# Hvac Air Volume Calculation

The air volume for an HVAC system is calculated from the sensible heat in the conditioned space. For the typical heating and cooling unit, the calculation is for cooling because more air is needed to cool a space than to heat it. If the conditioned space can be properly cooled with a given amount of cfm, then the space can be heated correctly with the same amount of cfm.

The sensible cooling load in a conditioned space is the heat that needs to be removed from the space to maintain the desired room temperature (75 °F, for example). The cooling load is calculated from the sensible heat from the people (approximately, 225 Btuh), lights, computers and other equipment, and the heat transfer through the building envelope on the historically warmest day and time of the year (e.g., 90 °F, 3 pm, July 7).

Example: The sensible cooling load for conditioned space (Building A) is 113,400 Btuhs. Find required fan cfm. The heat transfer equations are:

Btuhs = cfm × 1.08 × TD
cfm = Btuhs ÷ (1.08 × TD)
TD = Btuhs ÷ (1.08 × cfm)

• Btuhs = Btu per hour sensible heat,
• cfm = volume of airflow
• 1.08 = constant, 60 min/hr × 0.075 lb/cf × 0.24 Btu/lb F
• TD = the difference between the supply air temperature (SAT) dry bulb and the room air temperature (RAT) dry bulb.

To find cfm required, use cfm = Btuhs ÷ (1.08 × TD)

cfm = Btuhs ÷ (1.08 × TD)
cfm = 113,400÷ (1.08 × 20 °F) (SAT is 55 °F and RAT is 75 °F)
cfm = 5250

What is the primary factor in determining the air volume for an HVAC system?
The primary factor in determining the air volume for an HVAC system is the sensible heat in the conditioned space. This is because the air volume calculation is typically based on the cooling load, which requires more air to cool a space than to heat it.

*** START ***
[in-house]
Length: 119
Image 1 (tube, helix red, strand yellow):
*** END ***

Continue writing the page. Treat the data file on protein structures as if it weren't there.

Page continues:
Why is the air volume calculation based on cooling load rather than heating load?

The air volume calculation is based on cooling load because more air is needed to cool a space than to heat it. This is because cooling requires the removal of heat from the space, which requires a higher air flow rate than heating, which involves adding heat to the space.

How does the sensible cooling load affect the air volume calculation?

The sensible cooling load directly affects the air volume calculation, as it determines the amount of heat that needs to be removed from the conditioned space. A higher sensible cooling load requires a higher air volume to cool the space effectively.

What is the relationship between air volume and CFM (cubic feet per minute) in HVAC systems?

In HVAC systems, air volume is typically measured in CFM (cubic feet per minute). The air volume calculation determines the required CFM to cool or heat a space effectively. A higher air volume requires a higher CFM, and vice versa.

Can the same air volume be used for both heating and cooling modes?

Yes, if the conditioned space can be properly cooled with a given amount of CFM, then the space can be heated correctly with the same amount of CFM. This is because the air volume calculation is based on the cooling load, which is typically higher than the heating load.

How does the size of the air handling unit affect the air volume calculation?

The size of the air handling unit (AHU) affects the air volume calculation, as it determines the maximum amount of air that can be circulated through the system. A larger AHU can handle a higher air volume, while a smaller AHU may require a lower air volume to operate efficiently.

What are some common mistakes to avoid when calculating air volume for an HVAC system?

Common mistakes to avoid when calculating air volume for an HVAC system include neglecting to consider the sensible cooling load, using incorrect CFM values, and failing to account for factors such as duct losses and fan efficiency. These mistakes can lead to inadequate cooling or heating, reduced system efficiency, and increased energy costs.